Wednesday, February 24, 2010

On a more positive note, cabbage.

Cabbage is big. It is easy to grow. All the dishes made from it have the taste of the old world or that of the east. If I imagine a garden I will imagine cabbage and turnips on a cold grey day, still growing despite the weather. Gardening is amazing because it actually works. I do not yet have the delicacy or the money to grow more difficult crops perfectly or sometimes even imperfectly. No greenhouses are available, nor fancy mixtures. But things will grow in spite of this fact. Part of this is because Vancouver Island is fairy land. There is some magic to it. The soil is rich. Nothing is prickly or harsh here, unlike the interior.

I looked at a seed chart today. It turns out that if I do not plant cabbage transplants by early march there will not be time for them to mature. I mentioned this to a friend today and he encouraged me to get some seeds, so I sent off an order to West Coast Seeds in Delta. Hopefully I will get an envolope soon, full of exciting time-oriented objects.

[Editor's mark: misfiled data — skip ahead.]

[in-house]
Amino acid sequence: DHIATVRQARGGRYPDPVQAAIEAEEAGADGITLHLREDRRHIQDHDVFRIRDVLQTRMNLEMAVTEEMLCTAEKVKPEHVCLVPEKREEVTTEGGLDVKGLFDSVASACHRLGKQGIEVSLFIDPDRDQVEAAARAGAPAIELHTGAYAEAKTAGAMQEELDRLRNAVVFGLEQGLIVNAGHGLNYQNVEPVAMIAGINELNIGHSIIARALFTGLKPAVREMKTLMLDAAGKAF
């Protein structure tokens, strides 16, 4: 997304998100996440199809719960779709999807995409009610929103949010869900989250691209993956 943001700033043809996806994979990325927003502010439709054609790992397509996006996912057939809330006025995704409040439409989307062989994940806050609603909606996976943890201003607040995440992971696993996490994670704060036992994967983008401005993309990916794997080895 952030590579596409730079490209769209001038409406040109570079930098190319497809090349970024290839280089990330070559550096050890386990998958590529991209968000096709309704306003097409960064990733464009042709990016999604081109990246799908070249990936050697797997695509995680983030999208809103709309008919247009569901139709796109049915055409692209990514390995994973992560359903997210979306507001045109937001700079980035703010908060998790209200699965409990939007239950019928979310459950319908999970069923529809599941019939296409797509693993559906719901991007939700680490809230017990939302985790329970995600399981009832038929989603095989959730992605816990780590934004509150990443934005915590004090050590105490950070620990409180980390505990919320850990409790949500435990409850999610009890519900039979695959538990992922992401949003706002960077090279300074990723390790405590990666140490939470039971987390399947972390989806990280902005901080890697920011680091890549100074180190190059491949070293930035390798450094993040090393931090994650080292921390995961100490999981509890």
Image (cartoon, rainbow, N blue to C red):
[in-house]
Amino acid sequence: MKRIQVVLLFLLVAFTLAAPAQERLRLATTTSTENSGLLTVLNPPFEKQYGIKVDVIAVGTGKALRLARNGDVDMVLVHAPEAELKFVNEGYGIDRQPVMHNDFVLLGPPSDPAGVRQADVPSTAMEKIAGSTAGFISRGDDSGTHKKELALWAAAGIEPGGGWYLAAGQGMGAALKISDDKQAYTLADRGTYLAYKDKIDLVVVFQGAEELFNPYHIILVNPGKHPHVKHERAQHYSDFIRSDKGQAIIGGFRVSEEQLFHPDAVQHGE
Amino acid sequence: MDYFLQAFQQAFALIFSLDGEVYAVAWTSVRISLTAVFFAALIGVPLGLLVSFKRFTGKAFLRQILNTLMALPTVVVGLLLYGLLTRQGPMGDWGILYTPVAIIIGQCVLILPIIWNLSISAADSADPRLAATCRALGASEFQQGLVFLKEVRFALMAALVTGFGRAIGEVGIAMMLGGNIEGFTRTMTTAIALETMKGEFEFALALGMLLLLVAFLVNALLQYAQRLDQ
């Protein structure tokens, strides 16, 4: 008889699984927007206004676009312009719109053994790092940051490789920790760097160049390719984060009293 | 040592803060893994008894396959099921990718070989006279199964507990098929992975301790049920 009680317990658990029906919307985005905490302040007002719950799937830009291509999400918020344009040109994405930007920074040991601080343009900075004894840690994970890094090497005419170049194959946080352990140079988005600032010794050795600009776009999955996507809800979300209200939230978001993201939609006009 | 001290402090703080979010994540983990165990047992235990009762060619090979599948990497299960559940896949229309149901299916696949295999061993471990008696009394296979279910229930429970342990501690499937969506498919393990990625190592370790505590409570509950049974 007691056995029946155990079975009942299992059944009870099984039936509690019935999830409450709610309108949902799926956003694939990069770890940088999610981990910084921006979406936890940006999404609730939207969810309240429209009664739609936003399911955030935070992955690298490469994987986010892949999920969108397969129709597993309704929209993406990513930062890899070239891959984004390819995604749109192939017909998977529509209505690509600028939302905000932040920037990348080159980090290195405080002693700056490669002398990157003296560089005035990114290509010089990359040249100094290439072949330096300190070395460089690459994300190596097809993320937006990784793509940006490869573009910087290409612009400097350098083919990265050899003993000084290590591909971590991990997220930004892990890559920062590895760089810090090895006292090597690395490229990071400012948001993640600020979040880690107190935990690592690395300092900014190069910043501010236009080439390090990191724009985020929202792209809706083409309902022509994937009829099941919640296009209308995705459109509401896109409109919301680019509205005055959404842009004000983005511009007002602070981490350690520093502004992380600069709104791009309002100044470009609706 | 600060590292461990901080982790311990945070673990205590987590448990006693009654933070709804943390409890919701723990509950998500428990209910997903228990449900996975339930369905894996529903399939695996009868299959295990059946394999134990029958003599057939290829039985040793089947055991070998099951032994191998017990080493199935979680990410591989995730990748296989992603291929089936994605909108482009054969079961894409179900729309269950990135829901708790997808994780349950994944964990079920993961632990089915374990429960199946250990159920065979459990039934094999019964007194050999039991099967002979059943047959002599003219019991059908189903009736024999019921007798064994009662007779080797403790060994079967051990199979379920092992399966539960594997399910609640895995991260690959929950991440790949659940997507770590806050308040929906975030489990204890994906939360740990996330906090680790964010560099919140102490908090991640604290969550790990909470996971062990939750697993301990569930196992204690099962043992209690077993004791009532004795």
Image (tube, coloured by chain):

This is my second year gardening on my own. I used to grow things but my mother was in charge and knew when to plant what. One of it's main challenges and rewards is time. Time-as-a-being: It is a way of living with time. I deal with deadlines at school and at work and with bills. Why is it not the same to garden?

If I do not go outside in time it will be dark. I will not be able to work in the garden. If I do not grow these cabbage in time there will not be enough time to grow them at all is different. On one hand it is discouarging. Many gardens are not planted due to missed deadlines. On the other hand it makes you more aware of weather, season, and light. That is the difference. Deadlines at work and school, bills and dishes, these things are enforced by human systems. The deadlines I am following when I grow things are not really deadlines at all. They are not set but simply are. I get both time and nature.

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